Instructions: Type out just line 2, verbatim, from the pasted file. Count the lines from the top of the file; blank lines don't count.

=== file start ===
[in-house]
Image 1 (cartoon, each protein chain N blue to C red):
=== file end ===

Image 1 (cartoon, each protein chain N blue to C red):